Forecasting Call-n-Ride Productivity in Low-Density Areas

Transit agencies increasingly face the challenge of providing service to low-density suburban areas where demand for transit is limited. Yet it is usually important to serve these areas both for equity reasons and to secure political support for transit. Creative solutions are needed to provide cost-effective transit service in areas where fixed route buses cannot perform well because of low demand density and dispersed travel patterns. One alternative is a general-public, demand-responsive Call-n-Ride (CnR) service, such as those being operated by Pace Suburban Bus, the Denver Regional Transportation District, and the Pomona Valley Transportation Authority. CnR services operate without a central dispatcher, and drivers take requests for services directly on their cell phones and make all routing and scheduling decisions. This paper introduces Call-n-Ride services and presents the results of an evaluation of Pace’s West Joliet Call-n-Ride in Joliet, Illinois. Using data from similar services elsewhere in the U.S, the paper develops a forecasting model to predict productivity of proposed Call-n-Ride services based on population density, employment density, service zone size, connecting bus routes, and the percentage of seniors as independent variables. This model can be used to help transit agencies make decisions about whether and where to invest in Call-n-Ride services.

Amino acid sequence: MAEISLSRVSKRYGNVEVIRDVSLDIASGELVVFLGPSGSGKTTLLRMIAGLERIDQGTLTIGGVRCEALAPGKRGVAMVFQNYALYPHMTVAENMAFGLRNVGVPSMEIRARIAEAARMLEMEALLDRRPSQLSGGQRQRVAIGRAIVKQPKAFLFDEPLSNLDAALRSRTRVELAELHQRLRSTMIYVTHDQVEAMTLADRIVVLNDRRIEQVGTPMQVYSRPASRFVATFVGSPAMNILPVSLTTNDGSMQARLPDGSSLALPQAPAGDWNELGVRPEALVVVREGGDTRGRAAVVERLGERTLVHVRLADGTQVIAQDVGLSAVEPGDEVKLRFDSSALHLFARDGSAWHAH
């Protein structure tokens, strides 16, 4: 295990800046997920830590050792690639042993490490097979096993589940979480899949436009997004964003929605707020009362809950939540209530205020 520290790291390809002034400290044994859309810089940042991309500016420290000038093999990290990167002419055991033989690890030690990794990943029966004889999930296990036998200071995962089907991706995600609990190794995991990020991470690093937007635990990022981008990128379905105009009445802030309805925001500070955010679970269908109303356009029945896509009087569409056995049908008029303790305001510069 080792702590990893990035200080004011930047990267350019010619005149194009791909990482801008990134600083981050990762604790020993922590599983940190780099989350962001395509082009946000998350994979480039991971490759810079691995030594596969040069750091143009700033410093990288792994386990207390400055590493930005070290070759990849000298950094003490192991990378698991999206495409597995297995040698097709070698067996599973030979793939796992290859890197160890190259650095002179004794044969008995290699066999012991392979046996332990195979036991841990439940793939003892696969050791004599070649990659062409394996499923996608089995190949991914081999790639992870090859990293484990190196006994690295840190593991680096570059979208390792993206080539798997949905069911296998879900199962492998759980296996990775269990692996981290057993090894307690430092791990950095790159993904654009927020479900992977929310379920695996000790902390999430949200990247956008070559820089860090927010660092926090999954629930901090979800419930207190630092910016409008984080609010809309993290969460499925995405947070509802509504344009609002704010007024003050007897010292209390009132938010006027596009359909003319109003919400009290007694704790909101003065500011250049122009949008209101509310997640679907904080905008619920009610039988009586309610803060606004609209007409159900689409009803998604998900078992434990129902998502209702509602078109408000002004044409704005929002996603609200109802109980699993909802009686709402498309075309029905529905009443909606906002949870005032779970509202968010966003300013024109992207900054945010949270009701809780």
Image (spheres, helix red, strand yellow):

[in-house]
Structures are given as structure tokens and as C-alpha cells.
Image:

• English

Media Info

  • Media Type: DVD
  • Features: Figures; References; Tables;
  • Pagination: 14p
  • Monograph Title: TRB 90th Annual Meeting Compendium of Papers DVD

Subject/Index Terms

Filing Info

  • Accession Number: 01334194
  • Record Type: Publication
  • Report/Paper Numbers: 11-0389
  • Files: TRIS, TRB
  • Created Date: Mar 25 2011 10:28AM